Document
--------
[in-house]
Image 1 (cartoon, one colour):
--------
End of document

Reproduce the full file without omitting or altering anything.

[in-house]
Image 1 (cartoon, one colour):